With Pollen Street Social, Little Social, Social Eating House, City Social, Berners Tavern, not to mention a plethora of restaurants all over the world, can Jason Atherton do no wrong? Well I think he might have stretched himself one too far with his latest opening Social Wine and Tapas on James Street, right opposite Patty&Bun.
It’s an odd space made up of lots of little dining rooms. We were seated at a cramped table which couldn’t have been more in everybody’s way. The lighting was terrible; a spotlight shone in my gentleman companion’s face like he was being interrogated. The crippling rock music, I’m not sure anyone enjoyed listening to Staring at the Rudeboys by The Ruts, was SUCH a misguided choice. Nothing felt like it worked together.
The food on the whole was fine but everything, and I mean everything, was seriously over salty. Ham croquetas (£4) had generous amounts of salty ham, but then to be sprinkled with salt seemed overkill.
Pan con tomate (£2.50) had a sweet tomato topping but the plate was covered in salt. It was if there had been an accident with the salt shaker. The Jamon and manchego cheese toastie topped with a quail’s egg (£6) was probably the best thing we tried, mainly due to the addition of some pepper. Heirloom tomato salad with truffled burrata (£6.50) needed far more burrata which was a shame.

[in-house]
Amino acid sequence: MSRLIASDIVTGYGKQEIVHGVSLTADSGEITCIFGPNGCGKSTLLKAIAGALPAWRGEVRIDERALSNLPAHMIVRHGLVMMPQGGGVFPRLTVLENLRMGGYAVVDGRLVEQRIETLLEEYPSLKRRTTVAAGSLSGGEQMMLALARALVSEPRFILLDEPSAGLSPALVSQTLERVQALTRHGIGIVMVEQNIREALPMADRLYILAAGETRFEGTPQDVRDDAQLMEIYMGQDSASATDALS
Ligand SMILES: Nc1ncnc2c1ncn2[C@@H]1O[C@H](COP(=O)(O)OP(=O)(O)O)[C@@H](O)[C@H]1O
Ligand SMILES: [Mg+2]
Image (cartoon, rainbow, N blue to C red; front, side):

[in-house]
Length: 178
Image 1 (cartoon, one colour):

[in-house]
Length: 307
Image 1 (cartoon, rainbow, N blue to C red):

Schezuan fried chipirones (£6.50), which are little baby squid, were crisp but the accompanying squid ink aioli had the texture and appearance of crude oil; it was most unpleasant to eat. Gloopy, claggy and flavourless.
Rose veal and foie gras burgers with pulled pork (£12) were better but there seemed one too many flavours present; they drowned each other out. Cumbrian lamb rump with crushed potatoes (£12) was pleasant but the dollop of saffron aioli tasted like that of Lenor. Seriously. I can still taste it now. It really wasn’t very nice.
Instead of dessert we opted for cheese, a Bosworth Ash goat, Sharpham soft and a Beauvale blue (£9) and even the blue cheese was salty.
London is clearly going through a surge in tapas and it feels like Social Wine and Tapas have jumped on the bandwagon here. That’s fine if it’s well executed but all the elements don’t gel together particularly well. And that music really is awful.